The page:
From 80K to 98K, the mostly point-to-point course offers us an out-and-back trip through a wildflower park — a chance to see how the race is developing in front of us and behind us. The 89K turnaround point is referred to on the course map as the “Turning Point of the Wakka”; since our team doesn’t know what a Wakka is, we’ve arbitrarily defined it as a large, hairy Sasquatch-like creature who roams the area and jumps on the backs of tired runners. Howard is the first among us to make it past the Wakka, giving me a hearty “Attaboy!” as he returns. After I see Patrick and then make the turn myself, I swear that I can hear the beast’s footsteps approaching from behind…. Oops, it’s a German. He passes me without fanfare and slowly disappears into the distance. I can sense the bronze medal slipping away.

As I trudge onward, Anne Riddle Lundblad appears, closing in on the turnaround. She has moved all the way up to 2nd or 3rd! Meanwhile, I have 8K to go; if I finish in less than 39 minutes, I can break 7:20. My next 1K split is 5 minutes — argh, too slow! The split after that is also too slow. I again stop looking at my watch. Here come Nikki and Tania Pacev, still passing people. Mark is struggling. Ann Heaslett, Anthea Schmid, and Karen Scott are hanging in there.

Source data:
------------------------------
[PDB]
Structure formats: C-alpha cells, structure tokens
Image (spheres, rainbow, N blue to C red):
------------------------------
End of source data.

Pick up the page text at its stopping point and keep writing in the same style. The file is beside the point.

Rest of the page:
My left knee is no longer bending as much as it should, presumably due to hamstring fatigue. Please don’t cramp, I beg my hams. Please, please, PLEASE don’t cramp. 2K to go now. I still can’t accelerate, but at least I’m not cramping. 1K left. Kick, legs, kick! I finish in 20th place with a time of 7:20. I stagger over to the grassy area where our team’s bags are, put on all my extra clothes, curl up into a fetal position, and lie motionless for about an hour.

As I rest, the women complete a remarkable come-from-behind team triumph over France and Japan, with Anne 2nd (7:54), Nikki 7th (8:22), and Tania 9th (8:29). Led by Howard (8th, 6:59) and Patrick (16th, 7:14), the men have placed 4th, about 10 minutes behind Germany — our best finish in five years.

We attend the awards ceremony and cheer for our women, along with the victorious Japanese men’s team and individual winners Gregory Murzin of Russia (6:24) and Hiroku Syou of Japan (7:53). Back at the hotel, we hold an impromptu race poster signing party (Mark writes on mine, “Good luck withdrawing from the ATP ATM”), and Howard phones in the good news to USA Track & Field. The cheesy elevator music playing throughout the hotel, which has annoyed me all week, now seems soothing and appropriate. We head to bed early and take a shuttle out of town the next morning. I leave Japan with a stunning collection of blisters, a renewed respect for the 100K distance, a sincere admiration for my teammates, and no regrets — a few ideas for next year, maybe, but no regrets.